through the force of the explosion “little Audrey’s bed almost hung in space” (Aberdare Leader); I must have been tightly tucked into bed which was at such an angle, I could easily have slipped out. Afterwards, I remember children asking me if I was the girl “whose bed hung out of the window”; I also remember enjoying the attention! The house was so badly damaged, it had to be demolished and another memory is visiting with my mother to see what we could save. I cried when we discovered that the glass Christmas decorations in a box in the pantry were all broken. In retrospect, the whole incident must have happened very quickly since nobody had come to rescue us. I learned that the”funny” light was from the flares which had been dropped by the bombers. The Leader report with details of injuries and escapes of residents in Brecon Rd. is in the archives of Aberdare Library although Hirwaun is not named – this was due to security. The full Police Report is in the Glamorgan Archives in Cardiff. I always believed that the seven High Explosives and many Incendiary Bombs were dropped by a rogue plane which was off course.
After the talk I gave to Hirwaun Historical in 2011, I received an interesting email from an ex-resident. When he was young, he had been told that on that same Sunday evening at 21:30, the German propagandist, William Joyce, known as Lord Haw-Haw, had broadcast that a raid was imminent on the Royal Ordnance Factory at Rhigos. The first bombs had fallen near Tower Washery so this sounded feasible. My informant intended making further investigations so I asked if he would let me know any result. Unfortunately, I have heard no more from him and I cannot find his email address or name. I would certainly like to know more.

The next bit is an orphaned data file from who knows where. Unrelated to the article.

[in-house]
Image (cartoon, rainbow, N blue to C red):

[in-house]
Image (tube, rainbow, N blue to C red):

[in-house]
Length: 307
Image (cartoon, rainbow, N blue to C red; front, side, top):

There was no such thing as post traumatic stress in those days and I do not think that I had any after effects although my mother was always very nervous.
However, the bombing had an unexpected result. My childhood memories are divided in two; I can set certain scenes at No.25 when I was very young and later ones at No.108 where we moved after a few days to live with my Mamgu and two uncles and where my parents spent the rest of their lives.
Courtesy of Mrs Audrey Griffiths
Just as a footnote:
VE Day – Victory in Europe – 8th of May 1945
VJ Day – Victory over Japan. After the dropping of the first atomic bombs on Hiroshima and Nagasaki on the 6th & 9th of August respectively.
The village children were treated to street parties in every location and it continued throughout the country after so many years of fear and deprevation. It took quite a long time to recover and sweets were still rationed until 1953.
A FEW NOTES ON THE NIGHT OF 16TH MARCH 1941 – “LITTLE AUDREY SLEEPS!”
The timing of the bomb drops. There was no siren sounded.
The BBC news was at 9pm and to my grandmothers annoyance my step grandfather Charlie Cole was listening to J. B. Priestly. He was scheduled to finish his broadcast at 9:15 and he was still holding for the stick as the bombs exploded. This we concluded set the time close to 9:12.
Me, I woke when the first bomb went off to hear the other three and fetched by my mother back into 72A at the rear of the shop. My father had already left to run to the Girls School to get the team moving for any rescues.